LAST year, Foreign Affairs Minister Fred Mitchell announced that he was taking a year off to create relationships that would assist in the development of business and investment for the Bahamas. His first target was the Middle East — specifically the United Arab Emirates and Qatar.
He was looking for development financing from high net worth individuals and governments, he had said at the time.
On his return, he reported that The Bahamas had offered officials in the United Arab Emirates and Qatar sound investments for their sovereign wealth funds, co-operation in tourism and investments in private sector projects, including attracting high net worth individuals to bank in the Bahamas.
He reported that he had “settled diplomatic relations with Qatar”. An Ambassador from that country came to The Bahamas and did extensive tours in economic areas of interest in Grand Bahama, he said. There was a similar story with the United Arab Emirates whose Minister of Foreign Affairs, he said, chose The Bahamas as the only Caricom country which he visited on a hemispheric-wide tour last year.
“This is likely to mean,” said Mr Mitchell, “the settling of the following agreements with these two countries: an investment protection act, an air services agreement, a visa waiver agreement, a general co-operation agreement and double taxation agreement. There is a lot of work to be done if this is to be settled before the General Assembly at the United Nations in September. Our presence in consular or diplomatic form may be necessary to support what we plan to do.”
Obviously another Bahamas embassy — another unafforadable expense for the Bahamas — was anticipated. We see that an embassy has already been established at 22 Khalid bin Al Waleed Street in Abu Dhabi, the United Arab Emirates. It would be of interest to know the cost of this embassy to the Public Treasury, how many staff members are posted there and what investment – if any – it has brought to The Bahamas to date.
We suggest that the Public Accounts Committee undertake an in-depth study of all of our embassies and consular offices to discover the cost of each one of them. When one considers the size of The Bahamas and the financial straits that the country is now in, some thought should be given as to whether our interests could be represented just as well by a friendly embassy in a foreign country. That’s the way it was done in the “old days” when Bahamians weren’t so arrogant as to go around puffing out their chests and pretending to be big shots when they hadn’t a bean in their pockets – which unfortunately, as far as the missing “bean” goes, is still the situation today.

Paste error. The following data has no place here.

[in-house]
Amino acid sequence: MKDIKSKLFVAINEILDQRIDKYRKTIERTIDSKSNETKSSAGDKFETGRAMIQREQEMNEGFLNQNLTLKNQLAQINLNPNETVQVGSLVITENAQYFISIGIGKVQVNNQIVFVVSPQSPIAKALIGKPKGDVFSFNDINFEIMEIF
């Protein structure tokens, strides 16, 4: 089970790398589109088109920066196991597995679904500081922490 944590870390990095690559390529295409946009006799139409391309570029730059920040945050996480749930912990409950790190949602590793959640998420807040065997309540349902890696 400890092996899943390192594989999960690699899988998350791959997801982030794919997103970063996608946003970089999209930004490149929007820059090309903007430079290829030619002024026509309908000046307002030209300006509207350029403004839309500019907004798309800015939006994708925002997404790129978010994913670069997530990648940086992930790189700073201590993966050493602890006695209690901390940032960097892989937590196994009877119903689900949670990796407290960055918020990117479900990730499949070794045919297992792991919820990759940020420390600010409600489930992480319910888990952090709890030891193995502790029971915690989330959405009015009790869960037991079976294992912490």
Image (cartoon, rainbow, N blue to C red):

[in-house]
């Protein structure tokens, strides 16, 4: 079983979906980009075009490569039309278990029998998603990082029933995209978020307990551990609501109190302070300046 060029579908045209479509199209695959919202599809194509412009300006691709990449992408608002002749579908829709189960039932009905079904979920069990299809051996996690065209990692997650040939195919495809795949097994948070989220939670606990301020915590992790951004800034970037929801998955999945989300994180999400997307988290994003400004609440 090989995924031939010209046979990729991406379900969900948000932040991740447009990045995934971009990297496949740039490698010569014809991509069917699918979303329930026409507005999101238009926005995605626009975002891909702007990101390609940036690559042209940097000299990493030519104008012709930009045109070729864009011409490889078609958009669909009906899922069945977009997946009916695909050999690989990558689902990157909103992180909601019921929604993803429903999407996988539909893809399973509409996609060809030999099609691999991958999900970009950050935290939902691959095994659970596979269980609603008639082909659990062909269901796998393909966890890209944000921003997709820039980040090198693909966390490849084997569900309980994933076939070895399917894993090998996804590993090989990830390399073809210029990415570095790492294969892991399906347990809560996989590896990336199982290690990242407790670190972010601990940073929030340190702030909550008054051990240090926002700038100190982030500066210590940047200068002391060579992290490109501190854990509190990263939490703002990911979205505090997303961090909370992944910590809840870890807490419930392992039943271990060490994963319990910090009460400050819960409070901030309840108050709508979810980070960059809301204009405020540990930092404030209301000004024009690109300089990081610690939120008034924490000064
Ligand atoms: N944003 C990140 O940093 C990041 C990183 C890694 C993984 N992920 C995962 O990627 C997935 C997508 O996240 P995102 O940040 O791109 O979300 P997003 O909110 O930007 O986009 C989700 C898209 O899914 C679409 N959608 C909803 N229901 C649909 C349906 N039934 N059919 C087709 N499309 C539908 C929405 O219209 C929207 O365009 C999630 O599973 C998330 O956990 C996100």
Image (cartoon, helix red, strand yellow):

“I believe,” said Mr Mitchell on his return last year, “that with that presentation and those made in the United Arab Emirates, and with careful nurturing of the relationship, there will be tangible benefits for the Bahamas. We are dealing with two countries with impeccable reputations as friends of the West. We are doing this in concert with our traditional trading partners who have indicated no opposition to what we are doing and plan to do. Our Caricom neighbours are also involved in similar outreaches.”
Although Qatar is officially backing the Western coalition in its fight against radical Islam, Washington has claimed that there have been “other signs that Qatar has been pursuing a different agenda”.
It has been reported that the most damaging allegations of Qatari support for radical Islamic groups have been made in Washington, where “Treasury officials have publicly ‘outed’ a number of prominent Qataris whom they accuse of channelling funds to Isil militants – the very militants that the Qatari regime is supposed to be fighting”.
Like the Ebola virus that we want to remain in Africa, we hope that in his travels, Mr Mitchell does not unwittingly introduce a secret Isil (ISIS) sympathiser to our country.
The Middle East is on fire — pray that the flames don’t touch our shores or that a potential investor from the Middle East is not “outed” by Washington’s Treasury department as an investor in the Bahamas. What a scandal that would be.
For the sake of The Bahamas we would advise Mr Mitchell not to wander too far into unknown lands among peoples whose traditions, he, nor the Bahamian people, understand.